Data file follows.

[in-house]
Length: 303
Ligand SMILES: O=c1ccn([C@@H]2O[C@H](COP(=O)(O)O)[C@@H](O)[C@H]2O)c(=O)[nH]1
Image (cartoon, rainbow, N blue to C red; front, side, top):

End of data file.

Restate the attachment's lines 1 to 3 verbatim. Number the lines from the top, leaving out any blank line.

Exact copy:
[in-house]
Length: 303
Ligand SMILES: O=c1ccn([C@@H]2O[C@H](COP(=O)(O)O)[C@@H](O)[C@H]2O)c(=O)[nH]1